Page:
Christopher Stevens, US Ambassador to Libya Killed in Benghazi Attack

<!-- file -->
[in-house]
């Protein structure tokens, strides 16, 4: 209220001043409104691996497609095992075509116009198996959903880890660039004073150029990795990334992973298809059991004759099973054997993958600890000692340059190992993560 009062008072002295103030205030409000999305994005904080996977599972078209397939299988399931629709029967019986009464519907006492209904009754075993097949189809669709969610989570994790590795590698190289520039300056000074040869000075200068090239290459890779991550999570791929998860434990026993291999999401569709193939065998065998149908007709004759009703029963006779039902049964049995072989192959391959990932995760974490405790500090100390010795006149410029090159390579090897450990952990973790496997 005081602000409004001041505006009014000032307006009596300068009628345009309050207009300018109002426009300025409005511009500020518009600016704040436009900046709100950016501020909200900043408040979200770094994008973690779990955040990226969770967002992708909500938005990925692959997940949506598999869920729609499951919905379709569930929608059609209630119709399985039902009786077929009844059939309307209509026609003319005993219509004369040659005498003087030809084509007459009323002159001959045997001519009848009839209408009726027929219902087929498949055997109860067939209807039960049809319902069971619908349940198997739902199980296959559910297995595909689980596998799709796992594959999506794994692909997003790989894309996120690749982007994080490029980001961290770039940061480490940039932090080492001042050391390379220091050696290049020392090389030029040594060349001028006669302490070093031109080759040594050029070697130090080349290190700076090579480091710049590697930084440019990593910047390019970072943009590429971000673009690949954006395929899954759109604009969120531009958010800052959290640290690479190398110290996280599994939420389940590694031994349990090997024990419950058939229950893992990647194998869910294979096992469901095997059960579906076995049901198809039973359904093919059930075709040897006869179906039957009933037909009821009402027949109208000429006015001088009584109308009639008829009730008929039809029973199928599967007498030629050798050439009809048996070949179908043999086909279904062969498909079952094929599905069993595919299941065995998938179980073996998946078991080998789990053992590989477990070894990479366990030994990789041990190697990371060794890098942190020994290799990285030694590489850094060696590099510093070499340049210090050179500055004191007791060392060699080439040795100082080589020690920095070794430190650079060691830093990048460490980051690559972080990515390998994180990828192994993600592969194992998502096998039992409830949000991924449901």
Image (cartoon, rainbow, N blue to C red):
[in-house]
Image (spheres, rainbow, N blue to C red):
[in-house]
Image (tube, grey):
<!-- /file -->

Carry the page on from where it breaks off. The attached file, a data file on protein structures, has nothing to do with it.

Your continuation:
The US ambassador to Libya and three embassy staff were killed in an attack on the Benghazi consulate and a safe house refuge, stormed by Islamist gunmen blaming America for a film they said insulted the Prophet Mohammad. Gunmen attacked and set fire to the US consulate in the eastern city of Benghazi, the cradle of last year's US-backed uprising against Muammar Gaddafi's 42-year rule. Another assault was mounted on the US embassy in Cairo. US President Barack Obama branded it an "outrageous attack" and ordered increased security at US diplomatic posts worldwide. Violence also threatened to spread to other Muslim countries. By nightfall on Wednesday, 24 hours after the attacks in Egypt and Libya, police were firing teargas at angry demonstrators outside the US embassy in Tunisia. The attacks could alter US attitudes towards the wave of revolutions across the Arab world, which toppled secularist authoritarian leaders in Egypt, Libya and Tunisia, bringing Islamists to power. The violence could influence a close-fought US presidential election, in which Obama's challenger Mitt Romney has accused him of not defending US interests robustly enough. Romney issued a statement criticizing Obama's initial response; the president's campaign responded by accusing him of scoring political points at a time of national tragedy. It was not immediately clear precisely how or where California-born ambassador Christopher Stevens was killed during the assault. Stevens was a key player when <b>...</b>
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